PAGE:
The HR Specialist: Texas Employment Law

On March 24, the Austin City Council passed a “ban-the-box” ordinance—the Fair Chance Hiring Ordinance—which took effect April 4. The final version of the ordinance was released on April 12.

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Federal employees have just 45 days after a discriminatory act or decision to file an internal complaint.

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Employers are obligated to provide a work environment free of sexual harassment. They can’t satisfy that responsibility by segregating the workforce by gender, even if doing so would certainly prevent harassment.

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If you have provided a reasonable accommodation for an employee who has a disability, make sure you document any subsequent changes to that accommodation.

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An employee facing the prospect of being demoted, transferred or having to take on new duties may consider retiring instead.

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Make sure that you punish similar transgressions fairly and equally. That’s especially true for serious rules violations. A pattern of punishing one protected class more severely than another is sure to lead to litigation.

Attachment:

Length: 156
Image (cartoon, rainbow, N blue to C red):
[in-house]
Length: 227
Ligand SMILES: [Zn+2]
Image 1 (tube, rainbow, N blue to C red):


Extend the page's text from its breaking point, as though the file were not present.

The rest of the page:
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A recent court decision is good news for employers of commissioned, exempt salespeople that also imply in their advertising that the salespeople don’t work on commission.

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Houston-based Lawler Foods will pay $1,042,000 to settle charges it discriminated against applicants who aren’t of Hispanic origin. Three black applicants filed discrimination charges after Lawler refused to hire them.

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Here are some of the highlights from the OSHA head’s chat with the oil and gas servicing industry.

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Telling workers to eat lunch while driving doesn’t convert that travel time into an unpaid lunch break.

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